She was hit with a stay-away order, forced to wear an ankle monitor, and none of it helped.

When a trial finally happened, she was convicted and sent to a drug rehab program. She failed drug tests, refused to show up for hearings, went on stealing packages, and was sentenced to more drug rehab.

And that’s what happens when people spend a lot of time and effort to try and get justice.

San Francisco is both the epicenter of the tech industry and the pro-crime movement. Big Tech donors have fueled the rise of pro-crime prosecutors like George Gascon and Chesa Boudin, even as they have cashed in by selling doorbell cameras and package security systems. But surveillance technologies are useless when there’s no law enforcement to back them up.

A packaging supply company conducted a survey and found that the “four states with the lowest search rates of package theft (Alabama, South Carolina and Arkansas came 2nd, 3rd and 4th respectively) were all southern states.” The company concluded that “the south is safer from porch piracy than the north.” But California isn’t the north. The issue isn’t geography, it’s the law.

A bill to criminalize porch piracy was killed last year. It’s been reintroduced again this year.

“It doesn’t matter how many times somebody steals a package, it’s still only a misdemeanor. And in California right now, a misdemeanor is usually a citation. People aren’t showing up for their court dates or not paying the misdemeanors, and they just keep on stealing from people’s porches,” Senator Brian Jones (R-Santee) noted.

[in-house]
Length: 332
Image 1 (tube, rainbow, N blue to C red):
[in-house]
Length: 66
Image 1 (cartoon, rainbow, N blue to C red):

Why shouldn’t porch pirates steal packages when all they come away with is a citation?

As long as the porch pirates steal less than $950 worth of packages, it’s classified as petty theft. The same decriminalization of theft that led to an epidemic of shoplifting, forcing stores and pharmacies to close, has also led to a boom in porch piracy. When brick-and-mortar stores close, that leaves people more dependent on online deliveries and vulnerable to porch pirates.

In an economy dominated by Big Tech, porch piracy, like everything else, has become a weapon in a rivalry between unfathomably huge companies. Netflix CEO Reed Hastings and his radical leftist wife, Patty Quillin, have been some of the biggest pro-crime donors.

The Netflix CEO was the sixth biggest donor for Proposition 47. The Big Tech boss vastly outspent pro-victim donors opposed to legalizing theft. While legalizing theft had little impact on Netflix, whose big product is an online subscription service, it’s hurting Amazon, one of its biggest video streaming competitors. Ordinary Californians are just Netflix’s collateral damage.

Homeowners are turning to locked delivery boxes and rigged packages. A cottage industry of companies provides doorstep security solutions and YouTube is full of guides to rigging up every type of package trap from glitter bombs to fouler concoctions to surprise porch pirates.